The handmade sign in front of Pole Green Produce along Pole Green Road in Hanover County was large and rustic but made its point. The popular produce stand did, indeed, have Hanover tomatoes as it advertised, and if the circus that was the parking lot on that day was any indication, you would have thought they were giving away money with those juicy ’maters.

Hanover tomato craze is in high gear and just in time, as the 39th Hanover Tomato Festival is Saturday, July 8, at Pole Green Park. But it’s not just the high-traffic produce stands where you can find these ruby riches. Travel the winding back roads throughout the entire county and you’ll likely drive past makeshift carts parked along the road near small private farms, beckoning passers-by to stop and grab a handful of the robust, ripe summer fruit. Don’t leave without paying for them, of course.

“A lot of local farmers will put out honor carts,” said Marcy Durrer, recreation program manager for Hanover’s Parks and Recreation department, and because of that, “the Hanover tomatoes are available in every corner (of the county) — you just have to know where to look.”

But no matter where you get your stash, be it a roadside cart or the lone humble tomato plant you’ve nurtured all spring on the back porch, tomatoes are like a welcome mat for the summer palate. Their arrival means tomato-mayo sandwiches, cheesy tomato pies, elegant caprese salads and mile-high BLTs with smoky bacon and thick tomato slices, and so much more.

So armed with a heavy brown bag filled with Hanover tomatoes last week — big ones and really big ones and little ones and red and yellow cherry tomatoes, too — I created a masterpiece of a weeknight meal that incorporates two — no, three — of my favorite things: buttermilk cornbread, blistered and roasted tomatoes, and sharp cheddar cheese.

The best part about this meal is its ease. It takes only one skillet if you happen to have a cast-iron version, because it goes right into the oven when you’re done on the stovetop. Sautéed sweet onion cooks with chopped tomatoes and whole cherry tomatoes, which burst delightfully when cooked, plus sprigs of fresh thyme. Then that mixture is set aside so you can wipe the skillet clean and start again, this time with a quick cornbread mix you can make right in the skillet. I prefer buttermilk in my cornbread, and once combined, this serves as the base for the bed of roasted veggies.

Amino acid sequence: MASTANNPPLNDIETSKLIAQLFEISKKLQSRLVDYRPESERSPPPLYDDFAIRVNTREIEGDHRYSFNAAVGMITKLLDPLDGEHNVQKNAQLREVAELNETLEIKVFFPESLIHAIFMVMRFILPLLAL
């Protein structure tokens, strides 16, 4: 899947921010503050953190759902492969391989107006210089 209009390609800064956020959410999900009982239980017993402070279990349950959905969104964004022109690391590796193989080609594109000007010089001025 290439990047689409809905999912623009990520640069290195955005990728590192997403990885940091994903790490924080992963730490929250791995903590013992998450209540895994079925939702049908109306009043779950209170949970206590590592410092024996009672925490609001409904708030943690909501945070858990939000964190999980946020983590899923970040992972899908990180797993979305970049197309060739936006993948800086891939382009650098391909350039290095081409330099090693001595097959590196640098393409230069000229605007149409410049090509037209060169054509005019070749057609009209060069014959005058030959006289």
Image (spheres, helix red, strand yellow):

The whole thing is baked, and what emerges is a thin, crispy-around-the-edges cornbread studded with bright, plump tomatoes. Hints of cheddar and thyme are sublime, and while it smells amazing right out of the oven, wait just a bit if you can before eating. This stuff is best when it’s room-temperature. If you do have leftovers (it’s highly unlikely), you’ll be wishing all leftovers could be of this caliber.

Classic Panzanella came next. The simple tomato-bread salad is created with a variety of fresh chopped vegetables, topped with some sort of vinegar to give it a kick of acidity and then mixed with extra-crunchy homemade croutons that couldn’t be easier to make.

For this one I grabbed a large tomato — nearly a 1-pounder, and I’m not even exaggerating — and chopped it with fresh yellow and red bell peppers and red onion. White wine vinegar and a quick douse of balsamic vinegar were all I preferred, because you want the freshness of the ingredients to come through, not the vinegar.

The croutons were just chunks of bite-sized French bread that I tore off the loaf, tossed with olive oil, garlic powder and dried oregano, and baked. When you’re ready to eat, combine the baked croutons with the salad and enjoy it as the liquid soaks into the croutons, creating a lovely contrast of crunchy and chewy bread and crisp vegetables.

It’s a satisfying summer lunch or light dinner, and ready in a pinch. (For added texture and interest, consider adding white beans to this salad, too, and when serving, perhaps a sprinkling of goat cheese or feta.)

Of course, if you’re heading to the Hanover Tomato Festival, you’re probably going (mostly) to eat. And eat you will, as dozens of vendors will be there offering fried green tomatoes, tomato pies, crabcakes with tomato remoulade sauce, tomato and cucumber salads, plus plain-old tomatoes by the bushel. So whether you’re a Hanover native or just visiting the festival for the day, as the saying goes, when in Rome ... buy a bushel of tomatoes or three and let summer shine on your plate.

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— Adapted from www.culinarypirate.com

— Holly Prestidge

hprestidge@timesdispatch.com

(804) 649-6945

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